Christmas In Rome 2022: All About Roman Christmas Celebration
Spending Christmas in Rome might be one of the best decisions ever.
Rome is always a fascinating place to visit, but Christmas is absolutely magical. With the city lit up with twinkling lights, shopping underway and excitement on everyone’s faces, you will be lucky to be part of it.
Let’s discover all there is to know about a Christmas in Rome vacation so you can plan your trip in detail.
- 1 Wondering How Christmas Is Celebrated In Rome?
- 2 What Is Open and Closed In Rome On Christmas Day?
- 3 Get Today Free Guide of Rome on Your Mobile
- 4 Rome Public Transport Christmas Day – What’s the Story?
- 5 What Is the Temperature in Rome at Christmas?
- 6 Ideas – What to Do in Rome During Christmas
- 7 Guess Where The Movie “Christmas In Rome” Was Filmed
- 8 How Was Christmas Celebrated In Ancient Rome?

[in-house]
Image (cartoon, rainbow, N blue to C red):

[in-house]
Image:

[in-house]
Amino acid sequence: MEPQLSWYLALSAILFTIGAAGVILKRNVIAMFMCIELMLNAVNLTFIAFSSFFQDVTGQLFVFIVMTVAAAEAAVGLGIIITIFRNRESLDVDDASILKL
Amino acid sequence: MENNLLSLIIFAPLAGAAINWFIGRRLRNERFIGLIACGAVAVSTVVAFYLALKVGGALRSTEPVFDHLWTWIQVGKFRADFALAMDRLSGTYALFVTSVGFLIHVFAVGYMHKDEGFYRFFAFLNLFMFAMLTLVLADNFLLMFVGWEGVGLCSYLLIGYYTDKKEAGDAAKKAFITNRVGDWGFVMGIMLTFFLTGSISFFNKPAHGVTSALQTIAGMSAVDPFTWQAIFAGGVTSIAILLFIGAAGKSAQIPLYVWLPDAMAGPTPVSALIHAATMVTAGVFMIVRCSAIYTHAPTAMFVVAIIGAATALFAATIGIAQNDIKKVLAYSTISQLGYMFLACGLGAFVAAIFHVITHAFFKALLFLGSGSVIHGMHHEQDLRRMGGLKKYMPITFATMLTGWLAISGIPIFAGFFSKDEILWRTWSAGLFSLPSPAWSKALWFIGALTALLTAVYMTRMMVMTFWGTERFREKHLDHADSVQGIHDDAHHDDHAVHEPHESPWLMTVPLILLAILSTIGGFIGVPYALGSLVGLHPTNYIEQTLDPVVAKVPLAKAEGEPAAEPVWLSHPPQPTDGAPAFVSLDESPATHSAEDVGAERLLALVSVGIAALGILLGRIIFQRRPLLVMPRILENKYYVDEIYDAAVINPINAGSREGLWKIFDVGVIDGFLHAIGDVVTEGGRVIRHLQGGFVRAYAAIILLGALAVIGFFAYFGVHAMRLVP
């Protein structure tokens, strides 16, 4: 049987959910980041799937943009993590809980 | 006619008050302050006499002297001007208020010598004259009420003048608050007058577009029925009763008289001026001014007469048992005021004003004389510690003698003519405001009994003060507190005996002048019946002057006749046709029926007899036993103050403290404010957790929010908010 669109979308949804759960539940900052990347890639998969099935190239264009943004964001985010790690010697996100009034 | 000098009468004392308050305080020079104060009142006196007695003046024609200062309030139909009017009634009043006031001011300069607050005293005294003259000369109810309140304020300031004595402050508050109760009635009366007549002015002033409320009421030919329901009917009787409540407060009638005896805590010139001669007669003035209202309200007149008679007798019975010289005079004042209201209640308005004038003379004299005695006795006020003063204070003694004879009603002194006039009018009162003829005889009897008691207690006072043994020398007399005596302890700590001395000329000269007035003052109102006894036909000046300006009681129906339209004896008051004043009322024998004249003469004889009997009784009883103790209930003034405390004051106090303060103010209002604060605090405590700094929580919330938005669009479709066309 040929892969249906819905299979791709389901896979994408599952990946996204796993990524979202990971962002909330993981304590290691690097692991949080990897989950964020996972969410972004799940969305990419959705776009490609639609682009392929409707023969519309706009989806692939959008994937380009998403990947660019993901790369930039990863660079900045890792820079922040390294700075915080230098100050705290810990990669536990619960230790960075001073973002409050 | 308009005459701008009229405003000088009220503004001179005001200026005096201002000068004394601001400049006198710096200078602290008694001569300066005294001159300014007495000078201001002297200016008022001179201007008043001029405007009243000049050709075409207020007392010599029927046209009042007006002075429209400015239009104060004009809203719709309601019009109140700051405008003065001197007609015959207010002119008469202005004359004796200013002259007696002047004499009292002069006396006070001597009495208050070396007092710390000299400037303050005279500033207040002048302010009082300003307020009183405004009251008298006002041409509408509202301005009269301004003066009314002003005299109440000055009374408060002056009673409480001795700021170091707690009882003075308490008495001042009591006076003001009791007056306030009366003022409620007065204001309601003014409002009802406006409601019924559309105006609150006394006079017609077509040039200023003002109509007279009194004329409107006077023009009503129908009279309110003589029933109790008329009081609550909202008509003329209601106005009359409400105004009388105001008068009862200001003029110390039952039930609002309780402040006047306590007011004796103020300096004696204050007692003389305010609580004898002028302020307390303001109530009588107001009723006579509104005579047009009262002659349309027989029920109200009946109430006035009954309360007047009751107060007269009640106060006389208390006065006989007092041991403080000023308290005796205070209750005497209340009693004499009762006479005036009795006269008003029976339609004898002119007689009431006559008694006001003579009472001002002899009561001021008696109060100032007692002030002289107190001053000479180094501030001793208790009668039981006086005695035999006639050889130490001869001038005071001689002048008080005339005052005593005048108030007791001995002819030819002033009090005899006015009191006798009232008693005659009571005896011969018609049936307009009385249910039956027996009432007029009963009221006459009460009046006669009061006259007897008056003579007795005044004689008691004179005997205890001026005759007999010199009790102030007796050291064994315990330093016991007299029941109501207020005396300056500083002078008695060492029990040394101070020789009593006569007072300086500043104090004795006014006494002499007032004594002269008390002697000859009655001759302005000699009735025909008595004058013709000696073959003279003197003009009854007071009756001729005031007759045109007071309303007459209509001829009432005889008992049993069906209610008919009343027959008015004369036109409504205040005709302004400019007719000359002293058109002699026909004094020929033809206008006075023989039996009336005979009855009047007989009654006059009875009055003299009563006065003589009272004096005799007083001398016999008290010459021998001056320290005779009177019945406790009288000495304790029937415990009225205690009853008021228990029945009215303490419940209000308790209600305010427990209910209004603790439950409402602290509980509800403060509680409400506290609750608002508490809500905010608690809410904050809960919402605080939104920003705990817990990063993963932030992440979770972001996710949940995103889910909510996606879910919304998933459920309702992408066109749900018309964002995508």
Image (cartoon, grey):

- 9 Christmas In Rome Traditions: Good To Know Before You Go
- 10 Christmas Eve Mass in Rome
- 11 Rome After Christmas
- 12 Where to Stay in Rome
- 13 Rome Christmas Vacation Packages
- 14 Frequently Asked Questions
- 15 Conclusion
Wondering How Christmas Is Celebrated In Rome?
Christmas in Roma brings with it a bunch of celebrations which are specific to Italy and even to Rome itself.
Here’s a quick overview of some of the traditions that can be experienced in Rome over Christmas:
- Christmas Eve with the Pope! Locals and visitors alike flock to attend a special mass, held by the pope, at 9.30pm. The mass is held in St Peter’s Basilica, but it is such a popular event that often there is significant spillover into the square. Don’t worry if you end up in the square – the event is televised for everyone on big screens, so you won’t miss out.